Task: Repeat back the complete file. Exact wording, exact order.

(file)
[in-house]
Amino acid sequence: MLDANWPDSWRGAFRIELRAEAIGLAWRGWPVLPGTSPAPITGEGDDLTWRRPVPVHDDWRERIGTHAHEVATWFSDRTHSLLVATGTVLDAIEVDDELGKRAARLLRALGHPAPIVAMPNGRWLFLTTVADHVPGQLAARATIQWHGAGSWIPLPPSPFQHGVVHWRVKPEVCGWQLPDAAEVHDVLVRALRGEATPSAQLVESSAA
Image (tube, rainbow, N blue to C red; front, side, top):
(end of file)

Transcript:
[in-house]
Amino acid sequence: MLDANWPDSWRGAFRIELRAEAIGLAWRGWPVLPGTSPAPITGEGDDLTWRRPVPVHDDWRERIGTHAHEVATWFSDRTHSLLVATGTVLDAIEVDDELGKRAARLLRALGHPAPIVAMPNGRWLFLTTVADHVPGQLAARATIQWHGAGSWIPLPPSPFQHGVVHWRVKPEVCGWQLPDAAEVHDVLVRALRGEATPSAQLVESSAA
Image (tube, rainbow, N blue to C red; front, side, top):